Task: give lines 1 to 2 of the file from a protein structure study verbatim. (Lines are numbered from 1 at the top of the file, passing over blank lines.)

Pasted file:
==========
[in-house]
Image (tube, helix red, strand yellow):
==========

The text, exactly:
[in-house]
Image (tube, helix red, strand yellow):